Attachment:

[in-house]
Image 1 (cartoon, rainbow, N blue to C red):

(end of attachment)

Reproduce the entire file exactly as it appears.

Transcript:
[in-house]
Image 1 (cartoon, rainbow, N blue to C red):